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Home / Articles / Cinema / Movie Reviews /  Hold On
Evening Sun
Hal Holbrook is at his prime when his character is at his end.

Hold On

That Evening Sun burns brightest at its center

February 17, 2010, 12:00 am

Unlike the short story upon which it is based, That Evening Sun begins at the retirement home where Abner Meecham (Hal Holbrook) has lived for several months. A few quick shots of elderly people dissolutely playing cards or taking their medication are all it takes to establish that life here is no life at all.

Meecham stares out of the window; the glass reflects the verdant trees outside. Within moments, he is walking stiffly but determinedly down the road, making his escape.

Meecham’s first scene in William Gay’s original short story, “I Hate to See That Evening Sun Go Down,” is the movie’s second: He arrives back at his Tennessee farm only to learn that his son has rented it—with an option to buy—to a family headed by Lonzo Choate (Raymond McKinnon), a drinker and gambler who abuses his long-suffering wife (Carrie Preston) and emotionally curious teenage daughter (Mia Wasikowska).

From here, the trajectory of the film’s plot is set. Meecham is 80 years old, cantankerous and unwilling to let a man he sees as unworthy live in his home. “Acquiescence” is not in his vocabulary. “I ain’t gonna go down without a fight,” Meecham says.

Choate sees Meecham’s farm as his chance to finally have a stake and make something of himself. “Old people don’t know when the fucking clock’s run out,” Choate tells Meecham with contempt.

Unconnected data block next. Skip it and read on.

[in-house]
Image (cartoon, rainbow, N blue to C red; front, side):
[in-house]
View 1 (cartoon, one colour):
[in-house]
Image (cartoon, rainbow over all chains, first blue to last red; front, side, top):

They are both right, and the film’s success is almost entirely due to the actors’ skills at drawing from each character’s polarity a wide range of emotional notes and reactions. McKinnon’s Choate is mostly loathsome, but there are hints that he is not as irredeemable as Meecham believes. He, too, ain’t gonna go down without a fight.

But the movie ultimately is Holbrook’s.

His every word and physical gesture create a character about whom everything and somehow nothing is known.

Meecham can shoot a gun, grow corn, fix a truck.

He is admirable for refusing to let go of what is his, while at the same time piteous. He is unforgiving of Choate, of his upwardly mobile son (Walton Goggins), but most of all of himself: His very intractability has wrought unfortunate consequences from which there can be no turning back.

That Evening Sun is a long film—probably too long—made to feel longer by still-hot Southern days, fitful nights and unnecessary flashbacks of Meecham’s deceased wife. But throughout, director Scott Teems preserves with vernacular perspicacity the Southern literary tradition from which Gay writes.

But the story of emotional intersection between past and future transcends geographical boundaries. Teems’ choice to begin the film in the retirement home establishes that his protagonist will not resign himself to a conscripted fate, even if he must ultimately accept that the life he once had is over. Life changes and ends, as surely as the sun sets each evening.

That Evening Sun
Directed by Scott Teems
With Hal Holbrook, Raymond McKinnon, Mia Wasikowska, Carrie Preston, Walton Goggins and Barry Corbin

CCA
110 min.
NR

 

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